Lavender foal syndrome


Good news!   

Your horse is clear of lavender foal syndrome and does not have the mutated gene. 

Your horse cannot pass on the lavender foal syndrome mutation.

There are no breeding or performance implications.

What is lavender foal syndrome?

Lavender foal syndrome (LFS) is a universally fatal genetic disease affecting newborn foals. Affected foals are often a pale color with a pink or lavender tinge. They are born alive but cannot stand or nurse and have neurologic symptoms such as seizures, leg paddling, and arched necks. Since there is no effective treatment available, foals normally pass away within a few days or are humanely euthanized.

Genomic Details

The mutation that causes lavender foal syndrome is a deletion in the MYO5A gene. Part of the gene is deleted from the genome. Therefore, the instructions from the MYO5A gene are abnormal. This small deletion interferes with the function of melanocytes (cells in the skin’s outer layer that produce pigment) and in brain neurons. This results in the distinctive coat color of lavender foal syndrome and the tragic neurological symptoms.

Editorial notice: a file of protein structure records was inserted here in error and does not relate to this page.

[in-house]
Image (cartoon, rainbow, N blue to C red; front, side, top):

A horse’s genetic result for lavender foal syndrome is one of three possibilities:

  • Not deleted / Not deleted: Does not have the disease. Does not have the mutation.

  • Not deleted / Deleted: Carrier. Does not have the disease. Carries one gene mutation from one parent. This might be passed to the foal.

  • Deleted / Deleted: Affected. Has the genetic disease. The horse has inherited a gene mutation from each parent. One mutation will be passed to their foal.